The Federal Reserve will appeal a court ruling that overturns a 21-cent cap on fees that banks charge retail stores for debit card transactions, the central bank's attorney said Wednesday.
But it's not clear what the swipe fee rate will be in the mean time.
Federal Reserve attorneys told U.S. District Court Judge Richard Leon that they will appeal his July ruling, and they asked him to keep the current cap in place until an appeals court weighs in.
Judge Leon said he was more inclined to go with his initial order, even if it opens the door for Visa and Mastercard to collect more, as much as 50 cents, on swipe fees.
Leon said an appellate court could always go after Visa ( and )Mastercard ( to cough up the money later. )
Stocks in both those companies were up Wednesday after the ruling.
Last month, Leon struck down the 2011 Fed rule that placed the cap on fees that banks charge retail stores for each debit card transaction. Leon said he wanted the Fed to put temporary rules in place until they come up with a tougher cap.
The ruling was considered a win for retail stores that filed the lawsuit claiming that the Fed's swipe fee cap was too high. It's potentially a big loss for banks that would have to charge lower fees.
Leon suggested in his July ruling that the Fed should reconsider earlier staff proposals to lower the fee to 12 cents. The bank considered the proposals before issuing the final rule that capped fees at 21 cents.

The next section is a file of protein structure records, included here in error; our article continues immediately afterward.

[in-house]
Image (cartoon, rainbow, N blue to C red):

The fight over swipe fees stems from new laws enacted after the U.S. financial crisis. They required the Federal Reserve to ensure that fees to process debit card purchases were reasonable. At that time, the average fee per transaction was about 40 cents.
The National Retail Federation, which represents retail stores, filed the lawsuit against the Fed in November 2011.
It's unclear whether consumers will really benefit and whether merchants will pass along lower costs.
After fees fell in 2011, one survey found that 67% of retailers kept prices the same or raised them instead of passing on savings to customers, according to the Electronics Payments Coalition, a group of banks and credit unions.
After the swipe fees were lowered in October 2011, revenue dropped at banks such as Bank of America ( , )JPMorgan Chase ( and )Wells Fargo (. The banks tried to )charge new debit card fees, but public outrage caused them to reverse course.
The rule also impacts charge card processors Visa and Mastercard, which collect swipe fees for the banks. Visa and Mastercard charge retailers separate fees for using their payment networks.
If the retail merchants get their wish, the Fed would have to go back to the drawing board and get tougher on debit card fees, even for a temporary period.